Bone marrow, cadaver blood and bones, even male infant foreskins, have been used to gather adult stem cells to see if they can be utilized to regenerate new cells in deficit situations. Some have been effective, others have not. It isn't just in the fact of recovering live stem cells. They must be non-differentiated, must be viable, must not come from someone with a virus or HIV, otherwise the person receiving the cells may be worse off. There are other factors, chemical reactors, collagen, proteins, enzymes, and so many other products that are required for cells to do what they do. The companies that have the science and have done the research to prove what their products have and can be made available to the patient are the ones that will have success. Those companies are very limited.

Until only a few years ago, the umbilical cord and placenta were considered medical waste upon a live birth. Once the baby was out of the bag, who cared to keep that around? Well it turns out cord blood can be life saving for that child later in life and has become an industry all to itself in keeping that blood frozen for possible later needs.

But the biggest new item is the use of the placenta, its lining and the cells that manifest themselves there. Mesenchymal stem cells are in great numbers in the placenta. In the first level below the interior of the lining of the placenta there is a stromal level that contains significant and effective levels of stem cells, and all the other factors needed to affect healing, down-regulating of inflammation while generating bone, fat, connective tissue, and preventing scars. After processing, there is no issue with rejection of these products. The results are evident.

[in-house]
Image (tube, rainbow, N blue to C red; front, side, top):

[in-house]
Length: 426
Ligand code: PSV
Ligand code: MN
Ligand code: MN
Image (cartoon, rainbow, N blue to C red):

In the case of DFUs, diabetic foot ulcers, where many have been open for years the application of the placenta based products can bring the lacking levels of positive factors along with the mesenchymal stem cells calling out the host cells as well to then create the proper healing. In a lot of cases healing occurs within weeks, often saving a foot or ankle from amputation. Similar effects are available for venous stasis sores and pressure sores of the back and hips.

Regarding labrum tears, rotator cuff tears, hip non-unions, tendon tears or injuries, knee injuries, these too react positively to the application of specific products containing the right MSCs and all the plethora of other factors needing to be present. Healing is rapid in comparison and more complete than without.

Regarding spine, bone, hip applications, a new replacement periosteum can be generated allowing for the re-vascularization of bone - thereby improving the quality of the bone itself - allowing it to get back to what normal function is - regeneration and incorporation of new bone. Strong, new bone "grows" where it is supposed to. Supporting, connective tissue does too.

Let's get some healing going!

The Inventurist


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    • VirginiaLynne profile image

      Virginia Kearney 

      6 years ago from United States

      My dad was a Type 1 diabetic and often had foot ulcers like the one in your picture. He was very careful to treat his wounds exactly the way the doctors told him to do and as a result he managed to avoid amputation. I spent many hours helping him with soaking baths, medicines and bandages. He passed away at 68 from an accidental fall and not directly due to his diabetes. I'm so glad to learn there are new treatments becoming available. Thanks for your hub!